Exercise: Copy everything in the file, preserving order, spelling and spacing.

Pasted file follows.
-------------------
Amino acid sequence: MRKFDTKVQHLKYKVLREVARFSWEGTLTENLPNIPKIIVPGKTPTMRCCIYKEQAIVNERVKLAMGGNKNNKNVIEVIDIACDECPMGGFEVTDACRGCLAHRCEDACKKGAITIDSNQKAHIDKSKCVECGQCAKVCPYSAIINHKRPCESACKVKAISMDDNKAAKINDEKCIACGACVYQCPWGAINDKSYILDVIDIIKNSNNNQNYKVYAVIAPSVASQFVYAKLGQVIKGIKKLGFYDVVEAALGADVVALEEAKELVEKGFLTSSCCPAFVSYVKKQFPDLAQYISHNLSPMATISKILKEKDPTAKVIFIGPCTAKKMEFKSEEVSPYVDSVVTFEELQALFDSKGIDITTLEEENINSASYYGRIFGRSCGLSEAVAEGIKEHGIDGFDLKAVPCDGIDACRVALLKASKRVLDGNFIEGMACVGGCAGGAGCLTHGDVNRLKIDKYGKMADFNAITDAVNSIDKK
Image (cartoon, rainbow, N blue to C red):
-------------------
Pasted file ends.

Amino acid sequence: MRKFDTKVQHLKYKVLREVARFSWEGTLTENLPNIPKIIVPGKTPTMRCCIYKEQAIVNERVKLAMGGNKNNKNVIEVIDIACDECPMGGFEVTDACRGCLAHRCEDACKKGAITIDSNQKAHIDKSKCVECGQCAKVCPYSAIINHKRPCESACKVKAISMDDNKAAKINDEKCIACGACVYQCPWGAINDKSYILDVIDIIKNSNNNQNYKVYAVIAPSVASQFVYAKLGQVIKGIKKLGFYDVVEAALGADVVALEEAKELVEKGFLTSSCCPAFVSYVKKQFPDLAQYISHNLSPMATISKILKEKDPTAKVIFIGPCTAKKMEFKSEEVSPYVDSVVTFEELQALFDSKGIDITTLEEENINSASYYGRIFGRSCGLSEAVAEGIKEHGIDGFDLKAVPCDGIDACRVALLKASKRVLDGNFIEGMACVGGCAGGAGCLTHGDVNRLKIDKYGKMADFNAITDAVNSIDKK
Image (cartoon, rainbow, N blue to C red):